A Youngstown woman, who was attacked as her daughter was being murdered, is suing the ambulance company and the EMTs that responded to the crime scene.

A judge in Mahoning County is hearing a lawsuit claiming negligence on the part of AMR ambulance.

The suit, filed by Denise Johnson, alleges that the EMTs who arrived at the home of her daughter, Erika Huff, drove away after the man who was eventually convicted of killing Huff told an ambulance crew that no one had called them.

Lance Hundley has been sentenced to death for murdering Huff at her Cleveland Street home in Youngstown.

Investigators say Huff, who suffered from MS and was wheelchair-bound, pushed her medical alert button on the night of her murder, November 6, 2015.

Police later learned that Huff had been beaten to death before her home was set on fire to cover the crime.

Investigators say Hundley also attacked Huff's mother, Denise Johnson, with a claw hammer outside of the home.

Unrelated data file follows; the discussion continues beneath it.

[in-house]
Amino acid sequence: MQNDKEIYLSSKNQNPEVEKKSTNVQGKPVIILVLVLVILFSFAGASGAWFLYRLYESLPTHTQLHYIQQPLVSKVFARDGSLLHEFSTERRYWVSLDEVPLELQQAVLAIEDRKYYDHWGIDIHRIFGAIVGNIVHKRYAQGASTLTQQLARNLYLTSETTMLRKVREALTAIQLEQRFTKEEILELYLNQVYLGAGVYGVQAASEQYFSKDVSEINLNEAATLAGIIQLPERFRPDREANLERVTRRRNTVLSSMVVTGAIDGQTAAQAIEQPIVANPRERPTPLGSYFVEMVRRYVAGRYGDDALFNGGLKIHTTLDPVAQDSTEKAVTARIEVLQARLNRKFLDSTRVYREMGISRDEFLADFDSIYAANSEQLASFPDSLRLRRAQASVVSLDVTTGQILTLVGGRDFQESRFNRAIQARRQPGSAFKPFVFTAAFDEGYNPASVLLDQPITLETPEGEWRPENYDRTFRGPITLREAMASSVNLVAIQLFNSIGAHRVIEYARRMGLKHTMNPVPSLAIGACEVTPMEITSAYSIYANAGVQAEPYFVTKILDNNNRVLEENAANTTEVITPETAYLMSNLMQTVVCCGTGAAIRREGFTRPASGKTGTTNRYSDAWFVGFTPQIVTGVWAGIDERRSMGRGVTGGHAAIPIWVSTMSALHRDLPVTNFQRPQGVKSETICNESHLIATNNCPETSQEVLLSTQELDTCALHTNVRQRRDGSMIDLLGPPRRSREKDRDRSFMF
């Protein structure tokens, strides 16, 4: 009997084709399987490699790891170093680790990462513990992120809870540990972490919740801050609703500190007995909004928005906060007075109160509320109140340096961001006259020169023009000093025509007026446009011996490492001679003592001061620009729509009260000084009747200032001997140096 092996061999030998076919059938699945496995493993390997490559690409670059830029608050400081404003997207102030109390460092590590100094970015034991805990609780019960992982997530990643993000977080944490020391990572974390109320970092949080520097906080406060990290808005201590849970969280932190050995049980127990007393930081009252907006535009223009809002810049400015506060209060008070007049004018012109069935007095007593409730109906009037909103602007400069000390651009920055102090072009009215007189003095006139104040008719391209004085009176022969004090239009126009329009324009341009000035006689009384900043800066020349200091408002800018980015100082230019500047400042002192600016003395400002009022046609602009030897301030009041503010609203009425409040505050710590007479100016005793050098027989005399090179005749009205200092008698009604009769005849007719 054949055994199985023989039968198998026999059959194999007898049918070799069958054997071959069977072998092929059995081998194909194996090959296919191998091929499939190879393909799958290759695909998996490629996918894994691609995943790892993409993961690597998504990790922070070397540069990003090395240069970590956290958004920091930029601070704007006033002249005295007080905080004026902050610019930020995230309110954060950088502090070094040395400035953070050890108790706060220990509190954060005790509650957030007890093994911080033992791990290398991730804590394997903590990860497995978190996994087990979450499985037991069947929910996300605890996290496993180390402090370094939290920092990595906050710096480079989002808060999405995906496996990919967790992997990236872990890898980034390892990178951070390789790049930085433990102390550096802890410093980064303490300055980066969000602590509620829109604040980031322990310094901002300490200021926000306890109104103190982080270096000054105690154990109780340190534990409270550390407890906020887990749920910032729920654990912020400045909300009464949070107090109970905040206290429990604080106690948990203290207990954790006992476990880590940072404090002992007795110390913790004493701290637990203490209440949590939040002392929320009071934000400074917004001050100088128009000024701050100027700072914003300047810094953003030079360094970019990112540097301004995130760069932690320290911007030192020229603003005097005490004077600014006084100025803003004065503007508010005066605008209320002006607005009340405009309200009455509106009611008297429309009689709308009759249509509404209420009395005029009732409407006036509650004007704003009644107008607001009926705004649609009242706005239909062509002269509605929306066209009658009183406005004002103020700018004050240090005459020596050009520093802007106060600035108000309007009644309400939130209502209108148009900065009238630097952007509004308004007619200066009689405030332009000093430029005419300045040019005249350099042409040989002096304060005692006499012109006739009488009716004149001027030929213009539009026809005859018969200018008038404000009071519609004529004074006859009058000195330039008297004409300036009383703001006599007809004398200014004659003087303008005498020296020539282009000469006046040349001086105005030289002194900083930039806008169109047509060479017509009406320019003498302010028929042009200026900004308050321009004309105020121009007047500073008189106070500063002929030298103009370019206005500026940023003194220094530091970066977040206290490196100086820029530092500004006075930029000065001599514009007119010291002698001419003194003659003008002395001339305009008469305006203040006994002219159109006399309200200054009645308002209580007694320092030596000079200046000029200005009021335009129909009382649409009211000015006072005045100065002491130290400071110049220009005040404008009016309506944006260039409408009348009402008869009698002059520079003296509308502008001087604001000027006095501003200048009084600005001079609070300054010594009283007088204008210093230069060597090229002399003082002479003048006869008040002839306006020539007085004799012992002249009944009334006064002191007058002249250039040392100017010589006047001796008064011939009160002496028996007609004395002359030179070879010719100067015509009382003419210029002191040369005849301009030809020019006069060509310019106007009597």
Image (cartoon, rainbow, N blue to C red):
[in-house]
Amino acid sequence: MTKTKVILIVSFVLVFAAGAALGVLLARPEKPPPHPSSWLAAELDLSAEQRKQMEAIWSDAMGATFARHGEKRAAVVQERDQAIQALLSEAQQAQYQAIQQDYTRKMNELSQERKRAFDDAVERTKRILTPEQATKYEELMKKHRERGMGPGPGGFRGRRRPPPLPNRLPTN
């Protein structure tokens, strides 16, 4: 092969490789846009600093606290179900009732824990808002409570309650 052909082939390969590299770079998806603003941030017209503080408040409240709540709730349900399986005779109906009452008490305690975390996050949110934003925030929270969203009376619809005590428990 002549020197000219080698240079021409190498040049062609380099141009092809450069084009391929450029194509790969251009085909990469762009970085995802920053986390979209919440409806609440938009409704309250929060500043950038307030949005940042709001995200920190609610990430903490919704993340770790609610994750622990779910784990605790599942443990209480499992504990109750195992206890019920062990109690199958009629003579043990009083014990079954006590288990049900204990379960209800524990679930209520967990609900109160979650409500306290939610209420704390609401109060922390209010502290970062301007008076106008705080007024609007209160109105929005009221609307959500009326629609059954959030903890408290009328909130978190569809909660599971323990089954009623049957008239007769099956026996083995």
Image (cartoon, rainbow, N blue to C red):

The lawsuit says that the hammer broke off on her head. Hundley had a knife to her throat, and he attempted to kill her by burning the house down, but she still managed to survive.

According to the suit, Deanna Ailes and Brittney Koch, EMTs with Rural Metro, which is part of AMR, "Were met at the front door by a man with a black hoodie who advised that no person had made an emergency call from that house and that no emergency existed at that house."

An unidentified dispatcher is accused of failing to instruct EMTs to perform a patient assessment and failing to advise them of Huff's medical needs.

The lawsuit seeks $150 million in damages and alleges wrongful death of Erika Huff, personal injuries suffered by Denise Johnson, negligent hiring/training/supervision of defendant AMR, and loss of consortium of Lonnie Johnson.